The Heritage Foundation

Executive Memorandum #430 on Trade, Economic Freedom

October 12, 1995

October 12, 1995 | Executive Memorandum on Trade, Economic Freedom

The Caribbean Basin Trade Bill:  Good Economic Policy and GoodNeighbor Policy

Congress is considering legislation to reduce tariffs on some products from countries in the Caribbean Basin and could include this measure in the FY 1996 budget reconciliation package. This would be a wise action. The legislation is important to the economies of the Caribbean Basin and to the American companies that built factories there in the past decade under the incentives of President Reagan's 1983 Caribbean Basin Initiative.

The adoption of NAFTA in 1993 reduced tariffs on products from Mexico and created a tariff disadvantage for Caribbean countries. Many American companies with facilities currently located there are considering whether to shift production to Mexico. Diverting trade from Caribbean nations to Mexico because of the tariff differential certainly would benefit Mexico, but only at the expense of the smaller economies the Reagan Administration sought to help. Extending free trade to include imports from the Caribbean nations will prevent this distortion of the market.

The Caribbean Basin Trade Security Act (H.R. 553 and S. 529), introduced in January by Representative Phil Crane (R-IL) and Senator Bob Graham (D-FL), preserves the Reagan Administration's initiative to build up the economy of the Caribbean Basin and continues the United States commitment to open trade and economic development through free-market incentives. It would do this by reducing tariff barriers equivalent to NAFTA. A modified version of this bill is being considered by both the House and Senate.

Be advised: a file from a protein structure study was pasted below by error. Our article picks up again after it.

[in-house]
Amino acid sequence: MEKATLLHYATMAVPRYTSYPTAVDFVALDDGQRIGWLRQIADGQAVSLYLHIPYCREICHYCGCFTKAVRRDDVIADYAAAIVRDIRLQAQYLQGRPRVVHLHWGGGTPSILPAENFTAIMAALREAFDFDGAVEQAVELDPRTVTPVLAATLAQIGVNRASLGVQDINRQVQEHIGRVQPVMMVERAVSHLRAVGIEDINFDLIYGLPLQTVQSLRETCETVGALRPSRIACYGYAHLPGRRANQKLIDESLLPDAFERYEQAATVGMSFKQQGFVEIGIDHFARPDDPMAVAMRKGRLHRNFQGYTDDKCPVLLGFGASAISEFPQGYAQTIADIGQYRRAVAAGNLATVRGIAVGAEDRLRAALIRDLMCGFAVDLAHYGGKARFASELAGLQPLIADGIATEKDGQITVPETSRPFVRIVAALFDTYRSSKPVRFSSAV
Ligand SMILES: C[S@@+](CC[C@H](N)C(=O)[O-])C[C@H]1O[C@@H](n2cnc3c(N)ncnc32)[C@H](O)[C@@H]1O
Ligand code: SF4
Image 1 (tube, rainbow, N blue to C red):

Competitive Disadvantage
Many American companies, particularly in the apparel industry, have invested in Caribbean Basin countries during the past 10 years. During 1994, some $4.6 billion in textile and apparel products was shipped to the United States from the region. Because of NAFTA, however, goods shipped from Mexico are becoming less expensive relative to products shipped from the Caribbean, where tariffs are higher. Mexico shipped $2.4 billion in textiles and apparel to the United States in 1994, and the amount is expected to increase in 1995. Companies now operating in the Caribbean Basin are considering relocating to Mexico because of the less costly trade restrictions. The bill would provide that the rules of origin for component parts of goods imported from the Caribbean are the same as those that apply to goods from Mexico. It also would set equal tariff rates.

Industry groups, including the American Apparel Manufacturers Association, American Textile Manufacturers Institute, United States Apparel Industry Council, American Yarn Spinners Association, American Fiber Manufacturers Association, and National Cotton Council, as well as the Association of American Chambers of Commerce in Latin America, have urged the Senate Finance Committee to include the Caribbean Basin Trade Security provision in the FY 1996 budget reconciliation legislation to stop the investment diversion caused by Mexico's more favorable trade situation. The industry groups say approximately 275,000 American jobs depend on current Caribbean trade because of the way production has been diversified in the past decade.

Protectionism vs. Free Trade